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AHA, BHA, PHA - acids for beautiful skin



acids for beautiful skin

BHA, AHA, PHA: what's the difference?

Let's go to decipher together the different types of exfoliating (chemical) acids that exist. Sensitive / reactive skin should not stop reading, however, the use of these acids is not incompatible with more fragile skin.

You just have to choose the acids that are most suitable for your skin.

If you are not familiar with acids, you may be wondering what the point of using them is?

You should know that the skin is made up of a large number of skin cells that are renewed over a cycle of about a month. During this month, these cells accumulate and gradually rise to the surface of the skin.

Result: the complexion becomes dull, the skin texture thickens, the pores become clogged and desquamation may appear (small patches of skin that peel). This is where chemical exfoliation comes in! Regular exfoliation both accelerates the phenomenon of cell renewal while ridding the skin of dead cells.

The result: a more regular skin texture, better collagen production, more efficient absorption of the face care applied afterwards and a more even complexion.

Now we have to differentiate between the two types of exfoliation that exist: mechanical exfoliation and chemical exfoliation. Mechanical exfoliation is what is more commonly referred to as a scrub.

It is very often composed of "grains" which will exfoliate the skin by the action of friction against the skin. The risk with this type of exfoliation is damaging your skin barrier and sensitizing your skin over the long term. In the case of chemical exfoliation, these are active ingredients that penetrate deeper into the skin to remove dead cells without you having to “rub” your skin.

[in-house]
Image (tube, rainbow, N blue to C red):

Let's get to the heart of the matter: AHA, BHA, PHA what's the difference? 

All of these components are called hydroxyl acids (by their scientific name) but they fall into 3 categories.

AHA (Alpha Hydroxy Acids)

In the case of AHAs, there are several types of acids, the best known are:


Glycolic acid:

Of all the AHAs, glycolic acid (which comes from sugar cane) is the most effective. As it is an active ingredient that has a small molecular size, it penetrates the skin deeply to better exfoliate it.

It has a visible effect on the skin texture and the radiance of the complexion. It also helps regulate sebum production.

This is one of the key acids in our peeling mask, the face mask that renews cells without damaging the skin barrier.

Lactic acid:

Derived from the fermentation of milk or of certain fruits, it is one of the mildest acids that will correspond perfectly to the most sensitive skin.

Its properties allow it to promote the proper maintenance of hydration of the skin. It is also found in our peeling mask to complement the action of glycolic acid and boost dull complexions.

Mandelic acid:

Coming from almonds, this acid penetrates less deeply into the skin and acts more on the surface, which reduces any possible risk of irritation. It also helps reduce hyperpigmentation (mainly spots) and even out skin tone.

You will also find AHAs in our latest novelty: the light lotion. It will be perfect for people looking for an instant boost of radiance and who want to find a smoother skin texture.

BHA (Beta Hydroxy Acids)

Salicylic acid is the best known BHA. It is generally used in its synthetic form. It has a targeted action on comedones (blackheads) and dissolves them effectively.

It is more suitable for combination to oily, acne-prone skin who would like a smoother skin texture. However, salicylic acid is the subject of scientific study; he would probably be an endocrine disruptor. This is why we have chosen not to include it in any of our products.

PHA (Poly Hydroxy Acids)

PHAs are a group of acids with a larger molecular size: they penetrate less deeply into the skin and are therefore ideal for skin with certain skin conditions (eczema, rosacea, dryness, etc.). Among them, we find:

Lactobionic acid:

Derived from lactose, it is hydrating, antioxidant and soothing. It is a particularly suitable active for dry, parched or dehydrated skin since it is non-irritant.


Last important point: don't forget to apply sunscreen if you are using exfoliating acids. Indeed, they tend to be photosensitizing and therefore to react in contact with UV. This can cause the appearance of spots.


Now we hope you can see more clearly and start using it in your routine (if you haven't already). To accompany the use of exfoliating acids, we also advise you to practice a double daily cleansing.